Light Cannot Destroy the Super Powers of Spinach
Environmental factors such as light and heat can affect the quality of many foods, but U.S. government researchers have found that light actually benefits spinach, keeping it fresh and allowing it to continue to retain vitamin quality.
Supermarkets often display fresh lettuce in clear plastic bags or containers in a produce case set at around 39 degrees. In some grocers, fluorescent lights shine on the bags 24 hours a day. Gene Lester of the U.S. Department of Agriculture’s Agricultural Research Service decided (while doing some personal shopping) to test the leaves to see if the lighted storage had any effect on nutritional quality.
His team of researchers kept fresh spinach leaves under either continuous light or continuous darkness for three to nine days. The spinach kept under the lights even for just three days had significantly higher levels of vitamins C, K, E, and folate. They were also more colorful, reflecting high amounts of carotenoids lutein and zeaxanthin. The leaves stored in the dark actually lost nutrients.
Lester said that he shouldn’t have found the results surprising. The leaves of plants use light from the sun as energy to make fuel. The green pigment chlorophyll is the primary pigment involved. Even when picked, the leafy greens will continue to photosynthesize “as long as there is moisture in the leaves and as long as there is gas exchange and light.”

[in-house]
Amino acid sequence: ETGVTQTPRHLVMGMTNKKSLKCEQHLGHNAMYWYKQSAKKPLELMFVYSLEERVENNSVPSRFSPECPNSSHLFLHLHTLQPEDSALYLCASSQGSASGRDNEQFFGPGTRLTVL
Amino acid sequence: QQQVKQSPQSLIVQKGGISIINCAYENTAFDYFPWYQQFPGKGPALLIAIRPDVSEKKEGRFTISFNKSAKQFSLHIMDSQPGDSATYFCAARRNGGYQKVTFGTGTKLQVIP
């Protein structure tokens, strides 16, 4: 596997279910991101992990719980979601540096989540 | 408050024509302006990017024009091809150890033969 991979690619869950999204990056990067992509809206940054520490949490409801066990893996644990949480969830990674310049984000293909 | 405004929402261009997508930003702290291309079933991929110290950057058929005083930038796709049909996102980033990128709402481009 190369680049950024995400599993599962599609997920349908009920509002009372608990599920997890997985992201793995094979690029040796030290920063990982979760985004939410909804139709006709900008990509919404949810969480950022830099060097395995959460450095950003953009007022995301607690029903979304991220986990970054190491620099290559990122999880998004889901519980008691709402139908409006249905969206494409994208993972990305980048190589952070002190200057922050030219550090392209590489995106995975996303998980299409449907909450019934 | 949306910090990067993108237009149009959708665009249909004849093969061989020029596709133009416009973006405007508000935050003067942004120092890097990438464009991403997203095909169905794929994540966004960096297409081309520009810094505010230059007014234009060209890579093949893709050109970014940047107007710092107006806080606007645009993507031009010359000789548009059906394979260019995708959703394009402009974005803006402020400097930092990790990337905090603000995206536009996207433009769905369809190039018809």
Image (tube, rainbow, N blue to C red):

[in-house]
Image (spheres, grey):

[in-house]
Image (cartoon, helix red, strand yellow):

Spinach is particularly high in chlorophyll, as are most leafy greens including kale, collards, and romaine lettuce. Other green vegetables would also likely benefit from lighted storage conditions, such as broccoli, bell peppers, asparagus, Brussels sprouts, and green beans.
The researchers noted that one of the carotenoids in spinach did not increase during the study – betacarotene – so orange fruits and vegetables may not receive the same benefits from light.
Keep in mind, thought, that fresh leafy greens shouldn’t be kept longer than three days, even in these conditions, because they will begin to wilt and lose both aesthetic and taste quality.